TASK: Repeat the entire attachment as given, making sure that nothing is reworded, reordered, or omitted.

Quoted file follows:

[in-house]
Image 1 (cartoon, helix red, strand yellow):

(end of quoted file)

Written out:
[in-house]
Image 1 (cartoon, helix red, strand yellow):